There’s no question that stress is one of the biggest contributors to insomnia. However, there are many factors that can contribute to an experience of insomnia. Medication, physical illness, or simply drinking too much caffeine during the day can lead to not being able to sleep. Yet, for many, insomnia can be the result of anxiety, depression, and in general a very active mind.
Of course, the mind becomes more and more active when there is psychological and physical threats and danger, and this is often true for both partners involved in domestic violence. Both the aggressor and the victim can experience the violence between them as traumatic. An experience that is considered traumatic is one that threatens the injury, death, or physical integrity, and is usually accompanied by terror and helplessness. A traumatic event could be the death of a friend or family member, sexual or physical abuse, an automobile accident, school violence, experiences of war, the effects of natural disasters, and acts of terrorism. It can include many types of violent experiences, including domestic violence. As a result of experiencing such an intense ordeal, along with feeling powerless to do anything about it, psychological symptoms often result, one of which is insomnia.
Perhaps it’s obvious that lack of sleep would result from violence in the home. Yet, a researcher at the University of Michigan Medical School. The study revealed that intimate partner violence not only triggers psychological problems but may also lead towards developing physical symptoms like irritable bowel syndrome and insomnia.
Vijay Singh, the clinical researcher, found that one in five men in the US report violence towards their spouse or significant other. He took a sample of 530 men with an average age of 42. Roughly 78 percent were non-Hispanic white, 56 percent were educated beyond high school and 84 percent were employed. The study also found that male aggression toward a partner is associated with other warning signs like substance abuse and a history of either experiencing or witnessing violence as a child. The study was published in the Journal of the American Board of Family Medicine.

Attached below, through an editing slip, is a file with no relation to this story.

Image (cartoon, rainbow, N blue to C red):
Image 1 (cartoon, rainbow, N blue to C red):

Although it’s easy to think of men and women who engage in domestic violence as being a part of a certain socioeconomic class, Singh explained differently. “Our study showed one out of every five men in the US reported physical violence toward an intimate partner. It is likely that we have all met these men in our daily environment. This is an issue that cuts across all communities, regardless of race, income, or any other demographics,” he commented.
However, research also points to the fact that men who are aggressive towards their partners have a history of witnessing domestic violence as children. Furthermore, they also have a tendency to engage in self-harming activities such as substance abuse or other risky behavior. It is known that at least one third of American children and teens have witnessed domestic violence between their parents, and most have witnessed multiple occasions of violence.
Most children who witness violence experience symptoms of Post Traumatic Stress Disorder – a type of psychological stress that can get in the way of being able to sleep. Also, children who witness violence can be more aggressive and become violent themselves, particularly as they grow older. Children can easily learn that it’s okay to have violence in relationships and they might come to even expect it. As adults, patterns of relationships learned in early childhood are expressed later in life.
If an individual never learns to heal from a trauma experienced early in life, that event can continue to get in the way of being able to sleep. Learning how to relieve psychological stress can be a significant factor in finally being able to get some rest, particularly if early trauma, such as witnessing domestic violence is the cause. Furthermore, adults who engage in violence in their relationship might also notice disruption in their sleep patterns. Healing the relationship and finding stress-relieving coping tools can finally facilitate healthy sleep.